Code § 7805(e)(2) provides: “Any temporary regulation shall expire within 3 years after the date of issuance of such regulation.” This rule was enacted in 1988.
I can’t locate any materials as to why this rule was put in place. I have always assumed that Congress must have felt that the Treasury Department had abused its authority to issue “temporary” regulations and then left them in place indefinitely, thereby effectively making the regulations permanent.
On March 20, 2007 the I.R.S. and the Treasury Department published temporary regulations § 1.368-1T(e)(2) dealing with the continuity of interest test applicable to Code § 368(a) reorganizations. Under Code § 7805(e)(2), the temporary regulations were set to expire today.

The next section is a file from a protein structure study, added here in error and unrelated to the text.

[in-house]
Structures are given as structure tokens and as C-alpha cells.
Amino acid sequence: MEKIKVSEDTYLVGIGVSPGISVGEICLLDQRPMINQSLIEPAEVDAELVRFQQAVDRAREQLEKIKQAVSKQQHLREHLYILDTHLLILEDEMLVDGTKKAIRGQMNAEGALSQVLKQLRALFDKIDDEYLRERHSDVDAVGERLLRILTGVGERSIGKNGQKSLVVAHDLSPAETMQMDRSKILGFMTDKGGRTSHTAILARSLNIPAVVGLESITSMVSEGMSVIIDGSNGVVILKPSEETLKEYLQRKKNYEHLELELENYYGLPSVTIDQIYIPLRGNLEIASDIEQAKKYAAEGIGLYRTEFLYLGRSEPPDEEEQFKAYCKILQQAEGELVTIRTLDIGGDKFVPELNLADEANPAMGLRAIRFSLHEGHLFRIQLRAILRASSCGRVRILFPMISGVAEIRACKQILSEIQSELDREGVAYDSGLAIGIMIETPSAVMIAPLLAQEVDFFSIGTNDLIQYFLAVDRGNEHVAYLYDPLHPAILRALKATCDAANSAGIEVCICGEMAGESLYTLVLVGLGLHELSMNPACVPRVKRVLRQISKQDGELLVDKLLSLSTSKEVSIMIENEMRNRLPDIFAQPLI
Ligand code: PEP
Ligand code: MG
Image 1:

Yesterday the I.R.S. published Notice 2010-25. The Notice provides that:
The Service and the Treasury intend to issue final regulations, but do not expect to issue such regulations prior to the expiration of the temporary regulations. The purpose of this notice is to provide taxpayers with interim guidance applicable to the period between the expiration of the temporary regulations and the issuance of new regulations.
The temporary regulations were generally taxpayer friendly. Thus, it is commendable that the I.R.S. and the Treasury Department are extending the more liberal continuity of interest rules.
However, I wonder how long the Notice will be in place before final regulations are issued. I am aware of some notices that have been outstanding for more than 20 years without regulations being issued (e.g., Notice 88-22). To me, it seems like the I.R.S. and the Treasury Department may be circumventing the spirit of the law in Code § 7805(e)(2) by issuing notices that in many ways simply extend the temporary regulations.